I happened to be browsing on Instagram when I came upon a picture of an adorable baby holding a record. The baby is none other than Shovels & Rope’s Cary Ann Hearst and Michael Trent’s baby daughter Louisiana. And that record she’s holding, none other than the duo’s new album Busted Jukebox Vol. 1. All this to say, I was quite excited when Ben asked if we’d want to contribute our First Impressions of the new record. The album is a mix of collaborations between Shovels & Rope and other artists. But while some collaborations end up sounding more like a mish-mash, it is far from the case with this album. The pair brought in longtime friends, previous collaborators, artists they admire as well as others they met on the road along the way and the results are songs with lots of fun layered vocals and new twists on known songs. My favourite song on the album is Elvis Costello’s (What’s So Funny ‘Bout) Peace, Love & Understanding with the Brooklyn quintet Lucius. I love the incredible soul that the group brings to the track with their luscious vocals and choral-like harmonies.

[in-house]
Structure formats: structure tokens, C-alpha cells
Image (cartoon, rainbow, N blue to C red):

What I love about Busted Jukebox Vol. 1 is that it’s not only a covers record, it’s a covers record done with some of the coolest artists out there right now. It’s really awesome to pick up a record featuring Shovels & Rope alongside Shakey Graves, J. Roddy Walston, Lucius, and JD McPherson to name a few. What’s more awesome is the fact that it’s covers of a wide range of tracks from Elvis Costello to Lou Reed. The general consensus here seems to be that their cover of Lou Reed’s “Perfect Day” with Preservation Hall Jazz Band, and I have to agree. It’s just so beautifully done.